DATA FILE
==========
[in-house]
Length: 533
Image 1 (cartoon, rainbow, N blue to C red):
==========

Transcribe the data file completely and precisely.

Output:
[in-house]
Length: 533
Image 1 (cartoon, rainbow, N blue to C red):